Tuesday, May 2, 2017

Bible reading and fishing

I have tried to get into Joy Williams book, 99 Stories About God, several times. And I've given up. I was attracted by the title and I have liked others of William's short stories. This little book of the shortest of short stories proved nearly unknowable to me. I could read them but they seemed so obtuse I had no idea what they meant. After many attempts to get what she was saying I realized I was reading them wrong. I was reading them too fast, expecting them to give up their meaning in the time I had allotted to them. I was looking for information, a smart turn of phrase, instant wisdom. Something  profound communicated in 144 characters or less. Something I could smile over - that was good. A good use of my time invested in reading. In further -now slower readings, I have found associations I had missed. I saw things I passed over quickly since they did not give up their sense easily.

It's much like we read the Bible or don't. Recent surveys state an alarming drop in Bible reading among people who identify as Christians. Is that because we know what it says? Or, is it because it's too hard to get what the Bible is saying. We would rather have someone tell us what it means (we think we cannot get it if we have not had the proper training). The popular Christian view of God is One who reveals all God has to reveal in simple ways we can understand. Even though the disciples did not understand Jesus and no one else did either when he spoke in parables, and we still don't although we have lots of scholars to help us. There are lots of other stories in the Bible that are Williams - like. Jonah, for instance, a man swallowed by a big fish, or Adam and Eve, a couple that listens to a talking snake. The book of Proverbs is all short stories - parables - that are meant to be taken and "chewed over".  Meditated upon is what the early wisdom teachers said. Who has time to meditate any more? So much easier to take our news on Facebook.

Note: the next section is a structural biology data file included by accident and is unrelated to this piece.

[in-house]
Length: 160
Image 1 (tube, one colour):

Joy Williams stories are intended for meditation. Slow reading and thinking. Her stories like most of the Bible do not give up their meaning easily. The reader has to work on them, has to think, imagine, sit with them awhile. Enjoy them?

She has one story that baffled me. A noted humanist scholar was invited to give a talk on whether or not there was life on other planets. The humanist thought it was possible but believed a world devoid of human beings was not worth imagining.  Humans have the ability to appreciate beauty. After the talk, at lunch at a small, fine restaurant, he was served a speckled trout beautifully presented. From his plate he heard beautiful music faintly playing. Horrified, he jumped up, ran into the kitchen and attacked his waiter and the chef. Later, after he was taken to the psychiatric facility for observation he discovered no one appreciated his story of the beautiful singing trout. Williams concludes, "His ravings about the trout being no more appreciated than the ravings of any of the other lunatics there."

Perhaps, the reader of the Bible needs to appreciate the ways God chooses for revelation. Once Jesus got a lesson out of a fish's mouth. It can take some time to appreciate such things, however.